Gloucester City: Cheltenham Town rent is just the start as Tigers aim to plug black hole
THEY have found the money to pay their rent to landlords Cheltenham Town, but Gloucester City still need to raise £25,000 to plug a black hole in their finances.
But the Tigers insist that any financial problems will have no bearing on the funding they have secured to pay landlords Cheltenham Town for use of their Whaddon Road ground.
Six years of being forced to play away from their city, coupled with a succession of postponed and rearranged games this term has left the Tigers feeling the financial pinch.
Tuesday night's 4-0 win over Droylsden provided a key indicator of how the club's on and off-field fortunes are providing something of a juxtaposition.
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Victory over the Bloods lifted the Tigers to their best League position in 15 years – but the crowd of 149 was the lowest the club had seen since 2001.
By the time the match officials and staff were paid for their work, the Tigers were left with the paltry figure of £21 to bank from the game.
Add that to a series of Saturday call-offs followed by midweek rearrangements and club consultant Colin Peake explained how the club were looking at something of a financial black hole.
"We are progressing with the talks with Cheltenham and that deal has no relation to what we are trying to do now," Peake said.
"The club are just in a position whereby the effects of a terrible winter and six years without a home to call their own are really biting.
"Tuesday was a prime example, the club had to play in the middle of raceweek in Cheltenham as there were no other available dates and therefore the crowd was very small.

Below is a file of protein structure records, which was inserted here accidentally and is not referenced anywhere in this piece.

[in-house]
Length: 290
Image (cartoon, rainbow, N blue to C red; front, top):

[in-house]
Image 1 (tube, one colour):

"The Tigers have done really well but due to the extended delay in being able to return home, there were bound to be difficulties at some stage."
In order to try to find the funds, the club are asking for businesses and business people within the city to help in any which way they can.
As well as looking for all-important finance, the Tigers are also looking for expertise in certain areas in order to prevent these problems biting in future years.
A restructuring of their finances and budgets will occur at the end of the current season while four new positions are being opened on the club's executive committee to interested parties.
The club are looking for people with sales and marketing, financial, legal and communications expertise to help plot a forward course in years to come.
Chairman Nigel Hughes explained that by opening the executive to new members the club hope to get the benefits of having new directors, but without the legal chains.
"The three current directors of the limited company have a legal responsibility while the executive committee is charged to operate the football side on a day-to-day basis," Hughes said.
"We see the way to go forward is through an eight-strong executive with four business people who we hope will offer their services in the four areas we have outlined."
"We seek four keen and reliable people who feel they have the talent, time and effort to help the club out by recognising that the club is a component part of our local community."